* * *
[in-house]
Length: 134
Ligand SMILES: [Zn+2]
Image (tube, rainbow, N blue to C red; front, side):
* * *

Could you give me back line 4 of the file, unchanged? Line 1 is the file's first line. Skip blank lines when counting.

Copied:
Image (tube, rainbow, N blue to C red; front, side):